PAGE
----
Newborn's Weight May Affect Adult Cancer Risk
Heavier Babies Have Higher Risk of Some Cancers as Adults
WebMD News Archive
An infant's birth weight may predict cancer risk later in life, a new study
A study in the Feb. 7 International Cancer Journal found that
heavier birth weight babies were more likely to have cancer of the stomach,
pancreas and colon, and more likely to have blood cell cancers, compared to
infants born at lighter weights.
Heavier newborn girls have a higher risk of developing breast cancer before
age 50, says the study. The findings came from British and Swedish researchers
including Valerie McCormack of the London School of Hygiene & Tropical
The risk of developing cancer was not the same for all types of cancers.
Infants born at a higher birth weight had a lower risk of developing cancer of
the lining of the uterus (endometrial) later in life.
Other cancers -- including ovarian, cervical, and prostate cancer -- weren't
affected by birth weight.
Data came from more than 11,000 babies born at Sweden's Uppsala Academic
Hospital from 1915 to 1929. The hospital kept detailed records on each baby,
including birth weight, maternal age, birth order, length, and head
When the babies became 37-year-old adults, British and Swedish researchers
began monitoring their health records for cancer, following them for about 40
years. During that time, 2,685 cancers were registered for the group.
The researchers calculated the difference each extra pound (450 grams) at
birth made for adult- cancer risk. They factored in differences due to smoking
and variations in the number of weeks of pregnancy at the birth of each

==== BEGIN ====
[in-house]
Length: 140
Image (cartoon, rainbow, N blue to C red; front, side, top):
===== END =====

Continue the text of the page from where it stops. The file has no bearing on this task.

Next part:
Every extra pound at birth brought a 13% increase in digestive cancers, a
17% increase in blood cell cancers, and a 39% increase for breast cancer in
women before age 50.
For men, cancer risk rose 8% for every 450-gram increase in birth weight.
For women, increased cancer risk rose until age 50, mainly due to breast
However, heavier newborn girls had an advantage with cancer of the uterine
lining (endometrial cancer). They were 24% less likely to have endometrial
cancer, regardless of age. "Rates of this cancer in women who weighed at
least 4,000 grams (8.32 pounds) were almost half that of women who weighed
under 3,000 grams (6.2 pounds)," write the researchers.
McCormack and colleagues aren't sure how to explain the findings. Perhaps
larger birth size means more cells at risk for cancer, as some studies have
Still, smaller babies don't have all the advantages. In addition to the
increased endometrial cancer risk, the researchers say that other studies have
linked smaller birth size to increased risk of heart disease and diabetes later
There's no way to change your birth weight. But being active, following a
nutritious diet, and getting proper medical care can help your health, whether
you were a big baby or a petite newborn.